Female reproductive performance was assessed by genotyping all animals across the six captured troops (n=199 individuals) for 16 microsatellite loci and the major histocompatibility complex (MHC) class II DR region. Maternities were inferred for 97 offspring using a combination of behavioural observations and of parentage inference based on microsatellites and Mhc-DRB using a strict (95%) and a relaxed (80%) confidence level (see the electronic supplementary material for details regarding genotyping and maternity analysis). This allowed an estimate of the number of surviving offspring for a total of 60 adult females, including the 11 females with swelling data, with the number of such offspring ranging from 0 to 6 (mean=1.60±0.02).
Male preferences were assessed by the expression of mate-guarding behaviour (consortship): a costly male strategy (Alberts et al. 1996). Mate guarding was monitored through focal observations, which were carried out on a daily basis for swollen females. Any changes in patterns of consortship were recorded ad libitum if they occurred outside focal sampling (visibility conditions are excellent at Tsaobis). Male–male aggression over females was not recorded because, during periods of social stability (as seen in both groups during the present study), the dominant male rarely encounters aggression from other males when copulating or mate guarding. Our analysis of male preferences followed the priority-of-access model (Altmann 1962; Alberts et al. 2006). Thus, when two cycling females were maximally swollen simultaneously, we assessed the choice of the alpha male, but if he was already in consortship and there were two further swollen females, we assessed the choice of the beta male, and so on.
To partition within- and between-female variance in swelling size, a one-way analysis of variance (ANOVA) was conducted on swelling area (including all cycles of each female) with female identity as a factor. In this ANOVA, the F-value represents the ratio of the between-female variance in swelling size on the mean within-female variance. Additional analyses to establish within-female consistency in swelling size across two consecutive cycles used a Spearman rank correlation test.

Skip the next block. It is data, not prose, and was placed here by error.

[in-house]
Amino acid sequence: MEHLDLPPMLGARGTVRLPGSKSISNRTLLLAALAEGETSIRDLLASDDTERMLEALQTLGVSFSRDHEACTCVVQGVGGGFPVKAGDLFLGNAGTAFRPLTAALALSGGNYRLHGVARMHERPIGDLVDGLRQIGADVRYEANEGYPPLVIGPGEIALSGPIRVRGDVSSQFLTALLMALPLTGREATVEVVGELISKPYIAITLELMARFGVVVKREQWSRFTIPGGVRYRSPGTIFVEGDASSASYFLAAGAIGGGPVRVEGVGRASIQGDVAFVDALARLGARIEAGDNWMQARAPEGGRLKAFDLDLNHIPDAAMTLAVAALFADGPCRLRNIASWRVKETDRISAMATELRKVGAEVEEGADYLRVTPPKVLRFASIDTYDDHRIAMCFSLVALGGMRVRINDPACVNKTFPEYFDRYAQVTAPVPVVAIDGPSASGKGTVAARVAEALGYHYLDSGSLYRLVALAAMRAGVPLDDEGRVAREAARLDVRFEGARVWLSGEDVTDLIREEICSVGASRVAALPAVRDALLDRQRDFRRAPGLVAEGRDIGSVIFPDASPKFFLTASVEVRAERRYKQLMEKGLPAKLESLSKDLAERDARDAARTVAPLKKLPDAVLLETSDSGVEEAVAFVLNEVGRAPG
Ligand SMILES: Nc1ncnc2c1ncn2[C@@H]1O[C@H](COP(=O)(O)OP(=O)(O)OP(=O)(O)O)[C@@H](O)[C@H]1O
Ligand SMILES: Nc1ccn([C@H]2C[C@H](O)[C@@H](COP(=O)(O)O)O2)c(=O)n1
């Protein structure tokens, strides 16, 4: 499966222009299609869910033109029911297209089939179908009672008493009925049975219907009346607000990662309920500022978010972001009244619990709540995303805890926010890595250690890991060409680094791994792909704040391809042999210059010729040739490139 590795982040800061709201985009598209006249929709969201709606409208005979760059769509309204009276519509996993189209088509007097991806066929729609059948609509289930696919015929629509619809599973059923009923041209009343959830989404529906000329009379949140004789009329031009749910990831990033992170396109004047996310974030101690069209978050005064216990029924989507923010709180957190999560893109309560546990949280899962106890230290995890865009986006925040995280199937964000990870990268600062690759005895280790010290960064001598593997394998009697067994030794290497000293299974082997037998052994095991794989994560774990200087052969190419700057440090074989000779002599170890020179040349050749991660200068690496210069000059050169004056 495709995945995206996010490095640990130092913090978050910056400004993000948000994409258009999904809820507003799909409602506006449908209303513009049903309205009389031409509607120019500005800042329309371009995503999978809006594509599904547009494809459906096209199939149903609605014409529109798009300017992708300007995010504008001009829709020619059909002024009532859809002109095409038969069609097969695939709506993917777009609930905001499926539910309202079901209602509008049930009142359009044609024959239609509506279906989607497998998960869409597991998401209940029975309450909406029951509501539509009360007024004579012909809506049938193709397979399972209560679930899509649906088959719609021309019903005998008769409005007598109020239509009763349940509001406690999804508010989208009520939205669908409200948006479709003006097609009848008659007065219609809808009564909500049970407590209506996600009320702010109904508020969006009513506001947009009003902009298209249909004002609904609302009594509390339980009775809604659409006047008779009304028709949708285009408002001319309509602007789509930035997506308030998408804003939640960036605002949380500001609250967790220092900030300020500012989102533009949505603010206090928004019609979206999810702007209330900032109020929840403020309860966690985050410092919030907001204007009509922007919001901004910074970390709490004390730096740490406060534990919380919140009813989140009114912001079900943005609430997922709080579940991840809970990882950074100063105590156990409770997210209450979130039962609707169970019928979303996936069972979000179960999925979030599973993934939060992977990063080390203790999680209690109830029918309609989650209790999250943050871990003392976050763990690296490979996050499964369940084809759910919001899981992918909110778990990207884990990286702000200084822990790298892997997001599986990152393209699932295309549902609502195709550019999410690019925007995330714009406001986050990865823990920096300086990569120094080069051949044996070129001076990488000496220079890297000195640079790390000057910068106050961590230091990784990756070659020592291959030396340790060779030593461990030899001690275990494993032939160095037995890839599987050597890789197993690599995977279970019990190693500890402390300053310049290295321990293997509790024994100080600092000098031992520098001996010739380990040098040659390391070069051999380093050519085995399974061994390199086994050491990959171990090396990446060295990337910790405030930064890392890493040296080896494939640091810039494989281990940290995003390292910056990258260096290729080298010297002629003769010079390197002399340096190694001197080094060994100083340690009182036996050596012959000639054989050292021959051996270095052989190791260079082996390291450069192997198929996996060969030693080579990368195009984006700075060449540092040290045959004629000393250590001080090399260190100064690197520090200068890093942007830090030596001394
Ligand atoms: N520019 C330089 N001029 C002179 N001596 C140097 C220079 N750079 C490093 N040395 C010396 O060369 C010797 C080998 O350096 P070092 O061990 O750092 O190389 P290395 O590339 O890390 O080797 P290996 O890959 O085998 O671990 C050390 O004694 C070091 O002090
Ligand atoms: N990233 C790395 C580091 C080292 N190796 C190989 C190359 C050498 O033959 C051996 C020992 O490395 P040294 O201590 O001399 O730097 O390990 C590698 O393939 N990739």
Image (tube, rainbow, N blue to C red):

To analyse whether female quality influenced swelling size, we ran a generalized linear mixed model (GLMM) with swelling size as the response variable. This model contained a series of fixed effects both categorical (troop membership) and continuous (age, dominance rank, body size, body condition and cycle number) as well as one random factor, ‘female identity’, to account for repeated cycles within females. The introduction of female parity (as a continuous variable including three levels: nulliparous, primiparous and multiparous) in the model did not affect the significance of the variables mentioned above. Given that parity was not significant itself, and strongly correlated with age (Pearson's correlation; rp=0.86, d.f.=9, p<10−3), it was not included in the final model. The significance of the variables was tested using the full model (i.e. inferences were drawn with all predictors present) to avoid problems associated with stepwise model selection procedures (Whittingham et al. 2006). The significance of the fixed quantitative factors was evaluated using F-Wald tests calculated according to the principle of marginality, testing each term after all others (i.e. comparing two models differing only in the presence of the tested fixed effect; Pinheiro & Bates 2000).
To assess the influence of body condition on reproductive success, the number of surviving infants was fitted by a Poisson distribution and analysed using generalized linear models. The effect of body condition on the number of surviving offspring was estimated by adding it into a model containing two other independent (control) variables: age and troop membership. The significance of each independent variable was tested by performing likelihood ratio tests that compared two models differing only in the presence of the relevant variable.